This week’s episode of Silicon Valley features some new beginnings. “The Empty Chair” opens with Richard Hendricks (Thomas Middleditch) attempting to decipher the actions of Raviga’s Laurie Bream (Suzanne Cryer) by reading through tech blogs. Furious that Laurie is interviewing what seems to be every potential CEO in the valley, Richard declares, “Apparently Jack’s empty f—ing chair is a better choice than I am.” Richard’s emotional outbursts decorate the entire episode and threaten his position, but his personal drive and professional initiative do not go unnoticed.
O Captain! My Captain!
Warning: Spoilers Ahead
I’d like to be one of millions to congratulate Richard on his promotion to CEO of Pied Piper. Last week’s episode of Silicon Valley left me wondering whether or not Laurie would act as interim manager, but her decision to fulfill Richard’s wishes is even more intriguing. Richard offers a complex dynamic of stability and instability. On one hand, he has the drive, perseverance, and technological knowledge to keep the company on its feet. On the other, he can be a basket case, devolving the role of leader to that of inarticulate goon. It seems, however, that his many mishaps have been overshadowed by his recent show of professionalism, earning him Laurie’s respect and perhaps even admiration.
I am excited to see Richard perform in his new role, though that excitement is riddled with apprehension. Richard has yet to take charge without bungling his efforts and I have a hard time believing his era of ineptitude has come to an end. The days preceding Richard’s promotion are a perfect example of what we can expect from him: moments of direct, firm leadership and moments of complete and utter failure. His initiative to redirect Pied Piper from limbo and begin downsizing was a bold and responsible move, but his debacle with Code/Rag’s reporter was nothing short of painful. His hotheadedness and lack of attention to detail nearly destroyed his company and his reputation this week, and we still have five more weeks to go!
This is the second episode of Silicon Valley in which we see a little more of Laurie Bream’s humanity. Last week, we saw her near-emotional decision to can Jack Barker and this week she actually admits to “error.” Laurie apologizes, though reluctantly, to Monica (Amanda Crew) for underestimating dear ol’ Richard and for removing him from the position of CEO. Monica, like the rest of us, responds with shock and commends Laurie for her humility. Meanwhile, Richard, unknowingly tells reporter CJ Cantwell (Annie Sertich) that the “Laurietron 6000 isn’t programmed to admit when she’s made a mistake.”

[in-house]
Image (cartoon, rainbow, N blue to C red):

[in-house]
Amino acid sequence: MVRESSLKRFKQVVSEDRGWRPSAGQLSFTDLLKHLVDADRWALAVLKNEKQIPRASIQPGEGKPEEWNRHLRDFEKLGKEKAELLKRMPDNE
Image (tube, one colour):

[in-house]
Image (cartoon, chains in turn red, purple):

Though the nickname definitely produced a laugh, the past two episodes force me to question its accuracy. Laurie’s near-robotic responses and unemotional decisions are beginning to break down to reveal the human underneath. She, like the rest of us, is prone to error and she, like the rest of us, does not like to admit when she’s wrong. Laurie, in just two quick episodes, has been transformed from the untouchable Laurietron 6000 to a relatable character, albeit a strange one.
TJ Miller’s character, Erlich Bachman, is definitely in my top five favorite characters from the show. Actually, who am I kidding? I love them all! Erlich, however, has a certain charm about him that makes him utterly fantastic and enjoyable. This shining quality pairs well with his knack for manipulation, as his partnership with Nelson “Big Head” Bighetti (Josh Brener) perfectly demonstrates. Erlich convinces Big Head to relinquish all assets and devote himself to project Bachmanity despite what seems to be his better judgement. Though Big Head momentarily exhibits a healthy amount of reluctance, Erlich is able to win him over with perhaps the most sound argument of the year: Every successful partnership is about “committing fully, blindly, and without concern of the consequences… like marriage.”
Though Erlich has slowly devolved into what feels like a minor secondary character since Pied Piper’s takeoff, I’m pleased that he will be demonstrating a larger role in episodes to come. TJ Miller’s perfectly delivered lines and priceless facial expressions are what initially drew me to Silicon Valley, so more of Erlich is a great thing.
Final Thoughts on Silicon Valley S03E05
The fifth episode of this season was not a disappointment! Though I could have lived without the Geek Squad sequence of events, the rest of the episode was fluid and engaging. Next week we have “Bachmanity Instanity,” which will undoubtedly feature Silicon Valley’s emerging “financial behemoth,” but the true curiosity revolves around Richard’s new role. It may only be a matter of time before things truly go wrong.
- “If I’m being honest, like a ventriloquist dummy.” – What every Richard wants to hear. Thanks, Erlich.
- “Have you ever seen a naked dead person?” – Why, Jared, why!?